Abstract: Background: Low serum alkaline phosphatase levels are the hallmark of hypophosphatasia, a disorder due to pathogenic variants of the ALPL gene. However, some patients do not carry ALPL variants and the cause of low alkaline phosphatase remains unknown. We aimed to determine health-related quality of life in adults with low alkaline phosphatase and explore the differences between patients with and without ALPL mutations.
Methods: We studied 35 adult patients with persistently low alkaline phosphatase unrelated to secondary acquired causes who had ALPL sequenced, and 35 controls of similar age. Three questionnaires about body pain (Brief Pain Inventory, BPI), physical disability (Health Assessment Questionnaire Disability Index, HAQ-DI), and health-related quality of life (36-item Short-Form Health Survey, SF-36) were delivered by telephone interviews.
Results: The mean BPI intensity and interference scores were higher in the patient group (p=0.04 and 0.004, respectively). All domains of the HAQ instrument tended to score better in the control group, with significant differences in the ?reach? score (p=0.037) and the overall mean score (0.23 vs 0.09; p=0.029). Patients scored worse than controls in several SF-36 dimensions (Role physical, p=0.039; Bodily pain p=0.046; Role emotional, p=0.025). Patients with and without pathogenic variants scored similarly across all tests, without between-group significant differences.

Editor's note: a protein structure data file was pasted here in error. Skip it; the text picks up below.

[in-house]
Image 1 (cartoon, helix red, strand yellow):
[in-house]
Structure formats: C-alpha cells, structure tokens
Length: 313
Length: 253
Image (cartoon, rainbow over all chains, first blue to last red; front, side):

Conclusions: Patients with persistently low levels of alkaline phosphatase have significantly worse scores in body pain and other health-related quality of life dimensions, without differences between patients with and without pathogenic variants identified in ALPL gene. This is consistent with the latter ones carrying mutations in regulatory regions.